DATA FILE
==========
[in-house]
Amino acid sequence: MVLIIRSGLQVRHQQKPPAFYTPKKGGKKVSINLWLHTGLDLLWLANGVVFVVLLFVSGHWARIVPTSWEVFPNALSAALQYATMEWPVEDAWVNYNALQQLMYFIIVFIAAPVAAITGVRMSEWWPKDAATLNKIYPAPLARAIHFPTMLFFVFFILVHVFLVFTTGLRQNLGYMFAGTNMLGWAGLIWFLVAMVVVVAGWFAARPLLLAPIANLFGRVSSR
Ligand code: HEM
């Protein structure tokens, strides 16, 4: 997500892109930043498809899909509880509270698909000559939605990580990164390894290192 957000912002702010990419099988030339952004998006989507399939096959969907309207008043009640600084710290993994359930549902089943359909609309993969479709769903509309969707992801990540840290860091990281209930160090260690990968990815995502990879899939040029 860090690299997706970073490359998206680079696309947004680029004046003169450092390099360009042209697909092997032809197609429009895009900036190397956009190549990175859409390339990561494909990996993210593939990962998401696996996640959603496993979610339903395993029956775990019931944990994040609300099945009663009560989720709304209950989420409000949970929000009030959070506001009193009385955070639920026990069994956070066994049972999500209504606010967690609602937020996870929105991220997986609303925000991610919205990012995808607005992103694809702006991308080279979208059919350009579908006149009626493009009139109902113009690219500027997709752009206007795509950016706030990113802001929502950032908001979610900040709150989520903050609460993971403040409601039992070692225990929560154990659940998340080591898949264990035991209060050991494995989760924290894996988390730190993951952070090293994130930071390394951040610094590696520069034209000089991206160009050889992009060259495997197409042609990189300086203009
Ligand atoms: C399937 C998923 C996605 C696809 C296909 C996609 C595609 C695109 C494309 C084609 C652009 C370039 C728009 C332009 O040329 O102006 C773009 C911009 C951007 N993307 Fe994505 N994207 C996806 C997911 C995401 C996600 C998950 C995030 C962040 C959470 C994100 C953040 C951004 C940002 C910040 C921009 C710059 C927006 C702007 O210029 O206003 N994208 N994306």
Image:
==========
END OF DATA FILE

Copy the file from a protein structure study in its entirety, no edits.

[in-house]
Amino acid sequence: MVLIIRSGLQVRHQQKPPAFYTPKKGGKKVSINLWLHTGLDLLWLANGVVFVVLLFVSGHWARIVPTSWEVFPNALSAALQYATMEWPVEDAWVNYNALQQLMYFIIVFIAAPVAAITGVRMSEWWPKDAATLNKIYPAPLARAIHFPTMLFFVFFILVHVFLVFTTGLRQNLGYMFAGTNMLGWAGLIWFLVAMVVVVAGWFAARPLLLAPIANLFGRVSSR
Ligand code: HEM
């Protein structure tokens, strides 16, 4: 997500892109930043498809899909509880509270698909000559939605990580990164390894290192 957000912002702010990419099988030339952004998006989507399939096959969907309207008043009640600084710290993994359930549902089943359909609309993969479709769903509309969707992801990540840290860091990281209930160090260690990968990815995502990879899939040029 860090690299997706970073490359998206680079696309947004680029004046003169450092390099360009042209697909092997032809197609429009895009900036190397956009190549990175859409390339990561494909990996993210593939990962998401696996996640959603496993979610339903395993029956775990019931944990994040609300099945009663009560989720709304209950989420409000949970929000009030959070506001009193009385955070639920026990069994956070066994049972999500209504606010967690609602937020996870929105991220997986609303925000991610919205990012995808607005992103694809702006991308080279979208059919350009579908006149009626493009009139109902113009690219500027997709752009206007795509950016706030990113802001929502950032908001979610900040709150989520903050609460993971403040409601039992070692225990929560154990659940998340080591898949264990035991209060050991494995989760924290894996988390730190993951952070090293994130930071390394951040610094590696520069034209000089991206160009050889992009060259495997197409042609990189300086203009
Ligand atoms: C399937 C998923 C996605 C696809 C296909 C996609 C595609 C695109 C494309 C084609 C652009 C370039 C728009 C332009 O040329 O102006 C773009 C911009 C951007 N993307 Fe994505 N994207 C996806 C997911 C995401 C996600 C998950 C995030 C962040 C959470 C994100 C953040 C951004 C940002 C910040 C921009 C710059 C927006 C702007 O210029 O206003 N994208 N994306």
Image: